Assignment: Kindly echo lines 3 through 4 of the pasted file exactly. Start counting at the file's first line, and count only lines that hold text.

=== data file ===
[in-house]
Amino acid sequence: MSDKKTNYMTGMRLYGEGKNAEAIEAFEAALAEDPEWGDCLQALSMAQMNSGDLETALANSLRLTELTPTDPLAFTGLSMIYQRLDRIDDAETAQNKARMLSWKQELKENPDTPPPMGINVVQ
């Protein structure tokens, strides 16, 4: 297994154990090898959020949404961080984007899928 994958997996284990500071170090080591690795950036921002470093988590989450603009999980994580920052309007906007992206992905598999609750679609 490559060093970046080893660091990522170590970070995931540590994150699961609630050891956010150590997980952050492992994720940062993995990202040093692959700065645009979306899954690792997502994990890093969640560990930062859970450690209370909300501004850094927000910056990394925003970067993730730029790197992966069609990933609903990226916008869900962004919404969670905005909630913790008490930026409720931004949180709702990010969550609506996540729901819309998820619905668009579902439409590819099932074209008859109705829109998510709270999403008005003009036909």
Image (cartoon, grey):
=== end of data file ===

């Protein structure tokens, strides 16, 4: 297994154990090898959020949404961080984007899928 994958997996284990500071170090080591690795950036921002470093988590989450603009999980994580920052309007906007992206992905598999609750679609 490559060093970046080893660091990522170590970070995931540590994150699961609630050891956010150590997980952050492992994720940062993995990202040093692959700065645009979306899954690792997502994990890093969640560990930062859970450690209370909300501004850094927000910056990394925003970067993730730029790197992966069609990933609903990226916008869900962004919404969670905005909630913790008490930026409720931004949180709702990010969550609506996540729901819309998820619905668009579902439409590819099932074209008859109705829109998510709270999403008005003009036909």
Image (cartoon, grey):